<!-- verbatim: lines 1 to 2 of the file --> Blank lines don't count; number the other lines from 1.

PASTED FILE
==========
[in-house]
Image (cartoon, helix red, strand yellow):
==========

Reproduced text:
[in-house]
Image (cartoon, helix red, strand yellow):